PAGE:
So, six hours after I post this I wound up reading an extraordinarily similar entry at Magpie Librarian titled Literary Comfort Food, published back in July. Oops. I’d never even heard of this blog until I stumbled on it by link-hopping, but it’s coincidental enough to make me feel oddly guilty. Anyway, her book list is pretty dissimilar to mine (with the noted exception of the same #4, Sandman!), but I did want to pop in and say: she did it first, she did it better. For a different list of comfort reads, check that entry out, too.
As unemployment is nervewracking with the holidays coming up, the job search hasn’t been the best, and I’ve pretty much been staying in to avoid spending large amounts of cash on useless things, I’ve been doing a lot of nerve-induced reading lately. This made me start to think about how many books I gravitate towards when I’m nervous, because I find them to bemdeeply soothing.
A little bit of background, first. I’ve always been a big reader and for the most part spent my childhood with my nose in a book. I was never one of those kids who read all the classics and had highbrow taste – I read fantasy and sci-fi, a lot of kids books, and anything else I could get my grubby paws on (except romance, of course). I’ve always been a re-reader, too. If I love a book, I’ll read it over and over until the thing just falls to pieces (yes, I know librarians probably hate me). Then I buy another copy and repeat. Furthermore, reading is comforting to me like very few other things are. It’s something I’ve always done when stressed, and I think a big part of it has to do with the feeling of escape. I read through the sucky years everyone had in middle school. I read through breakups. I read through depression, I read through that stressful first job when I kept the heat so low I was shivering because I had no money.* Not only is reading is a huge coping mechanism for me, but I’ve learned that I gravitate towards specific books on my shelf when the bad shit goes down. Some of them are fluffy, some of them are serious, all of them are so familiar to me I can read them half-distracted and still understand everything when I re-focus. These are the books that are like old friends I can always lean on: they feel like they will never, ever change, and you can rely on them to bring you the same level of comfort and familiarity for the rest of your life.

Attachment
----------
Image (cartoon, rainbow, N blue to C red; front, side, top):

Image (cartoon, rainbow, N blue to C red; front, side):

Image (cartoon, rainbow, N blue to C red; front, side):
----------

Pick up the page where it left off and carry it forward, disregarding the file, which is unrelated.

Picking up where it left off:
Really, I think this is what reading really is, to those who love it – a stable, unchanging thing that brings comfort and joy like nothing else. So, in the interest of sharing a few of my favorites I looked over my shelves today and picked out my top five comfort books, in no particular order. As I’m a piss-poor book reviewer I’m only going to try to give a one or two sentence summary; mostly I’m focusing on why each book is on the list. I’ve provided Amazon links (I get no kickbacks, are you kidding, this blog has like 10 hits), in case anyone wants more information.
Small Gods by Terry Pratchett